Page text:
Hmong veterans miss chance to be honored as senate bill fails

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EAU CLAIRE, Wis. (WEAU) - A chance to honor some veterans won't happen yet, after a bill was voted down in Washington D.C.

Hmong veterans who served during the Vietnam War and helped rescue American pilots can't be buried in U.S. military cemeteries.

The bill would have opened the door for that, but it failed a senate vote.

Nao Cha Xiong grew up in Laos in a dangerous time. He was recruited to help the United States during the Vietnam War.

He spoke through a translator, Pa Thao, the executive director of the Eau Claire Hmong Mutual Assistance Association.

“I was a messenger, so I let the headquarters know where enemies were. Then they would decide how to proceed,” Xiong said through Thao.

“It wasn't a war that we fought for us because we didn't have a country. It was a war that we fought for the Americans.”

He rose to the rank of commander but when he moved to the U.S., he said he wasn't recognized for his contribution.

“When we were done with the war we expected to be treated the same way. We were American soldiers and wanted to be recognized as such. We're still not recognized.”

Legislators in Washington had a chance to change that with a new bill this week. It would have allowed Hmong veterans to be buried in U.S. veterans cemeteries for the first time, but it failed by 14 votes in the senate. A senate spokesman said it was a small part of a large bill, costing about $20 billion and added to the national deficit, which made it lose support.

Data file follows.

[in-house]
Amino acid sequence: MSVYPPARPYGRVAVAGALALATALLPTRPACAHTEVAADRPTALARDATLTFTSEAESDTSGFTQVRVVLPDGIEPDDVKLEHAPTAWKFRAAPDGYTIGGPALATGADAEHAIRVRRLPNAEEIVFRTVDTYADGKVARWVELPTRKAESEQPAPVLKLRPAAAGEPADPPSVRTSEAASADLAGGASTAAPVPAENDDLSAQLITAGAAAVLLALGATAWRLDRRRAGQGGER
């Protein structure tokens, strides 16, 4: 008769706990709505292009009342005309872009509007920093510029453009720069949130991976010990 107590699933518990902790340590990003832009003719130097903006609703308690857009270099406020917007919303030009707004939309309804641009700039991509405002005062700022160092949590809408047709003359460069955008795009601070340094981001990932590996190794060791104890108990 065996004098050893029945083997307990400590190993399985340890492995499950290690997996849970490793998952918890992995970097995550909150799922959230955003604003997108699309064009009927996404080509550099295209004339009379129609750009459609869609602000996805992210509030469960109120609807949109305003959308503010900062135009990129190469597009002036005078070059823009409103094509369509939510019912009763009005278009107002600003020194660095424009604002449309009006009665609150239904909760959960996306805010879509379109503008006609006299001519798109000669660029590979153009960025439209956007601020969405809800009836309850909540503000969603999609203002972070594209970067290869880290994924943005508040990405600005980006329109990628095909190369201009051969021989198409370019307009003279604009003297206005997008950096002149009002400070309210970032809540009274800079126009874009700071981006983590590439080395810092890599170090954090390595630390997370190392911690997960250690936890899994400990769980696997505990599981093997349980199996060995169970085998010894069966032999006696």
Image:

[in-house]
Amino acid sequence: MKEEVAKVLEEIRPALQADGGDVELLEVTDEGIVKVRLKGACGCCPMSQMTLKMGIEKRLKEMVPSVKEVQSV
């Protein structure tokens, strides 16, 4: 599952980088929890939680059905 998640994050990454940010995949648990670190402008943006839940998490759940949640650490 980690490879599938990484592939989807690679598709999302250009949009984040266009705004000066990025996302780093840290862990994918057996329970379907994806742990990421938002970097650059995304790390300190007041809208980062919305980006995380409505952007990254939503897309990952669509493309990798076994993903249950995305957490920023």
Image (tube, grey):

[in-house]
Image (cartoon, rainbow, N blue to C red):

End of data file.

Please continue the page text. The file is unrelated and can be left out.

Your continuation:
“The people, especially the leaders in Washington D.C., they should understand that we do the same thing that everybody do. We fought the same war so we should be recognized and we deserve to be whatever they want to be,” Hmong American Vietnam Veterans Chapter 1 president Chong Chang Her said.

“I think it's right to be buried in a cemetery designated for veterans. I fought in the war from 1962 to 1975. Tons of us were going into the jungle to rescue the pilot without any concern for us safety but for the well-being of the pilot that was down. We expected to be treated the same way that an American solider would be treated,” Xiong said.

Chang Her said it's important for everyone to know what the Hmong veterans did and that they're here because of the what happened in the war.

We reached out to U.S. Senators and Senator Ron Johnson said he would have supported the bill if it would have reduced the deficit.

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